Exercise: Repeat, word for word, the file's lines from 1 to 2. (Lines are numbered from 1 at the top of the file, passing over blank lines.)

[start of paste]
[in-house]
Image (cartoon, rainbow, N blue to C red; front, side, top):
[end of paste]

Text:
[in-house]
Image (cartoon, rainbow, N blue to C red; front, side, top):